The central criterion of a successful superconductor is to find a high temperature superconductor, the ideal scenario being room temperature. However, newer materials are still limited and are very challenging to make. There is still continuous learning in this field about the exact methodology these high-temperature superconductors adopt and how scientists could arrive at a new design which is practical. One of the challenging aspects in high-temperature superconductors is that it’s very poorly understood what really helps the electrons in a material to pair up. In a recent ground-breaking study, it has been shown for the first time that the material graphene has intrinsic superconducting quality and we can really make a graphene superconductor in the material’s own natural state. Graphene, a purely carbon-based material, was discovered only in 2004 and is the thinnest material known. It is also light and flexible with each sheet comprised of carbon atoms arranged hexagonally. It is seen to be stronger than steel and also it expresses much better electrical conductivity compared to copper. Thus, it’s a multidimensional material with all these promising properties.

Physicists at Massachusetts Institute of Technology and Harvard University, USA, whose work is published in two papers1,2 in Nature, have reported that they are able to tune the material graphene to show two extreme electrical behaviour – as an insulator in which it doesn’t allow any current to pass and as a superconductor in which is allows current to pass without any resistance. A “superlattice” of two graphene sheets was created stacked together rotated slightly at a “magic angle” of 1.1 degrees. This particular overlaying hexagonal honeycomb pattern arrangement was done so as to potentially induce “strongly correlated interactions” between the electrons in the graphene sheets. And this did happen because graphene could conduct electricity with zero resistance at this “magic angle” while any other stacked arrangement kept graphene as distinct and there was no interaction with the neighbouring layers. Therefore, they showed a way to make graphene adopt an intrinsic quality to super conduct on its own. Why this is highly relevant is because, the same group had previously synthesized graphene superconductors by placing graphene in contact with other superconducting metals allowing it to inherit some superconducting behaviours but could not achieve with graphene alone. This is a ground-breaking report because graphene’s conductive abilities have been known for a while but it’s the first time ever that graphene’s superconductivity has been achieved without altering or adding other materials to it. Thus, graphene could be used to make a transistor-like device in a superconducting circuit and the superconductivity expressed by graphene could be incorporated into molecular electronics devices with novel functionalities.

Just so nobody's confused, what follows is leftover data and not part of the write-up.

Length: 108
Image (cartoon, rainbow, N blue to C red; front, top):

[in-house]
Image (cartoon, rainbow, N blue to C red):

This brings us back to all the talk on high-temperature superconductors and though this system still needed to be cooled to 1.7 degrees Celsius, producing and using graphene for large projects looks achievable now by investigating its unconventional superconductivity. Unlike the conventional superconductors, graphene’s activity cannot be explained by the mainstream theory of superconductivity. Such unconventional activity has been seen in complex copper oxides called cuprates, known to conduct electricity at up to 133 degrees Celsius, and has been the focus of research for multiple decades. Though, unlike these cuprates, a stacked graphene system is quite simple and the material is also understood better. Also, only now graphene has been discovered as a pure superconductor, but the material in itself has many outstanding capabilities which are previously known. This work paves way for a stronger role of graphene and development of high-temperature superconductors that are environment-friendly and more energy efficient and most importantly function at room temperature eliminating the need for expensive cooling. This could revolutionize energy transmission, research magnets, medical devices especially scanners and could really overhaul how energy is transmitted in our homes and offices.


  1. Yuan Cao et al., 2018, ‘Correlated insulator behaviour at half-filling in magic-angle graphene superlattices’, Nature, DOI:10.1038/nature26154
  2. graphene: A giant leap towards room temperature superconductors Yuan Cao et al., 2018, ‘Unconventional superconductivity in magic-angle graphene superlattices’, Nature, DOI:10.1038/nature26160